So it may not be complete, but a way to break class seals was added to the language after only two major iterations.

Multiple inheritance in Java through interfaces

Java has two separate mechanisms to support polymorphism: inheritance and interfaces.

A Java class can have only one base class it inherits from, but can implement many interfaces, and so can be referenced through these interface types.

public interface IfaceA {
    void methodA();

public interface IfaceB {
    void methodB();

public class Example implements IfaceA, IfaceB {
    public void methodA() {

    public void methodB() {

Example var0 = new Example();
IfaceA var1 = var0;
IfaceB var2 = var0;

But, before Java 8, interfaces could not contain any code, only constants and method declarations, so classes could not inherit functionality from them, as they could by extending a base class.

Thus while interfaces provided the polymorphic part of multiple inheritance, they lacked the functionality reuse part.

In Java 8 all that changed with addition of default and static methods to interfaces.

Now, an interface could contain code, and any class implementing it would inherit this functionality.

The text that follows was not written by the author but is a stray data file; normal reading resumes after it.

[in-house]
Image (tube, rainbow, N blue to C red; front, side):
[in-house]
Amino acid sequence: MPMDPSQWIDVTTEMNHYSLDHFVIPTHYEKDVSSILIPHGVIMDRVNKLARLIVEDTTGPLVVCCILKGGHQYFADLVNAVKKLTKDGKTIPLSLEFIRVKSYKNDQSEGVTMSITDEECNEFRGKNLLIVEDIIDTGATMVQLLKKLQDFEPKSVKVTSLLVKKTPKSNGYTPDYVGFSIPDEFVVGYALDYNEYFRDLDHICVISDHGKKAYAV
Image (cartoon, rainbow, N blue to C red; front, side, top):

It appears that Java 9 is about to take this one step further: it will add private methods to interfaces!

Before this, everything in an interface had to be public.

This essentially erases any differences between interfaces and abstract classes, and allows multiple inheritance. But, being a back door feature, it still has some limitations compared to true multiple inheritance that is available in languages like Python and C++:

  • You can not inherit any collection of classes together. Class writer must allow joined inheritance by implementing the class as interface.
  • Unlike regular base classes, interfaces can not be instantiated on their own, even if all the methods of an interface have default implementations.
    This can be easily worked around by creating a dummy class without any code that implements the interface.
  • There are no protected methods.
    Maybe Java 10 will add them…

But basically, after 8 major iterations of the language, you can finally have full blown multiple inheritance in Java.


These features have their official excuses:
Extension methods are supposed to be “syntactic sugar” for “helper” and utility classes.
Default method implementation is suppose to allow extending interfaces without breaking legacy code.

But whatever the original intentions and reasoning were, the fact remains: you can have C# code that calls instance methods on objects that are not part of the original object, and you can now have Java classes that inherit “is a” type and working code from multiple sources.

And I don’t think this is a bad thing.
As long as programmers use these tools correctly, it will make code better.